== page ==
After fending off negative health claims made against coffee for decades, the industry was vindicated last month when a controversial cancer research group changed its mind about classifying America’s favorite caffeine beverage as a possible carcinogen.
“The latest ruling on coffee reflects decades of cumulative positive research and review,” a National Coffee Association spokesperson told Legal Newsline. “It's still too early to tell whether the latest findings will have an impact on the coffee industry going forward, but we're happy to see the science publicly supported.”
The International Agency for Research on Cancer (IARC), a component of the World Health Organization, made headlines for its reversal on coffee, but its initial evaluation flew under the radar in 1991.
Geoffrey Kabat, an epidemiologist at the Albert Einstein College of Medicine in New York, doesn’t remember it, and he did studies on coffee and bladder cancer in the 1980s.
“I think these kinds of announcements get more attention nowadays because of people’s concern with anything that might affect their health and, of course, because of the internet and social media,” Kabat told Legal Newsline. “But I doubt if these ‘scary’ announcements — like the recent one regarding processed meat and red meat — have much effect on people’s actual behavior.”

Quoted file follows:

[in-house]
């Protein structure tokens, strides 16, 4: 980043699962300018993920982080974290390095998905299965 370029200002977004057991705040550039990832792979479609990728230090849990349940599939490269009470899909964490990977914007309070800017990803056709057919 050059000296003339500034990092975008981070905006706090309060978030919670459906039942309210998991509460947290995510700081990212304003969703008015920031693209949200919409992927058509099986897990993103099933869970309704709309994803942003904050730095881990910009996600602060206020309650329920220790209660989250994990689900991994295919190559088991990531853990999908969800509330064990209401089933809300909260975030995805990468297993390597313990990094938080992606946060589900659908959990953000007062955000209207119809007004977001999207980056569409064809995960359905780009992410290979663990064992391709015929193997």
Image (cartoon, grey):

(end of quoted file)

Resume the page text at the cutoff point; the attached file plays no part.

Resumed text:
Coffee consumption in the U.S. has been steady since 1999, according to a Gallup poll. In 2015, 64 percent of those surveyed said they drink one or more cups of coffee each day. In 1999, it was 63 percent. On average, coffee drinkers indulge in about three cups each day. The number of coffee shops rose 40 percent between 1999 and 2005.
The impact of a carcinogen label can impact a product more than just sales. As IARC has gained more attention for its work, plaintiff attorneys have used the results to launch personal injury suits against the makers of a variety of products.
Since IARC classified the herbicide glyphosate as a probable carcinogen, several lawsuits have been filed against its maker Monsanto.
The Council for Education and Research on Toxics sued Starbucks and other coffee chains in California in 2014 for not informing customers that its products contain a substance recognized as carcinogenic: acrylamide, a chemical that results from cooking certain foods above 120 degrees Fahrenheit — this includes roasted coffee beans. As a result of the litigation, Starbucks started posting signs warning customers that coffee and baked goods contain acrylamide.
IARC classified acrylamide as “probably carcinogenic” in 1994. However, experts say humans are unlikely to be exposed to a high enough dose to cause problems.